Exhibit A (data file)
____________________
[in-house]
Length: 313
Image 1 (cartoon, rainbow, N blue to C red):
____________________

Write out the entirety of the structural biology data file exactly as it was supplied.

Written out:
[in-house]
Length: 313
Image 1 (cartoon, rainbow, N blue to C red):